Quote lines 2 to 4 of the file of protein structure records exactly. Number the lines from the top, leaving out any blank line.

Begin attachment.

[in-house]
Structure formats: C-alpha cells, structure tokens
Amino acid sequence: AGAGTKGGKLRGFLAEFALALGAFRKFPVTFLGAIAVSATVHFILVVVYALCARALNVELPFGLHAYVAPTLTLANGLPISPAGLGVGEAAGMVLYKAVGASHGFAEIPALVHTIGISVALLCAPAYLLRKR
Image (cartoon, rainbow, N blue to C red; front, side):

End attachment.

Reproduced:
Structure formats: C-alpha cells, structure tokens
Amino acid sequence: AGAGTKGGKLRGFLAEFALALGAFRKFPVTFLGAIAVSATVHFILVVVYALCARALNVELPFGLHAYVAPTLTLANGLPISPAGLGVGEAAGMVLYKAVGASHGFAEIPALVHTIGISVALLCAPAYLLRKR
Image (cartoon, rainbow, N blue to C red; front, side):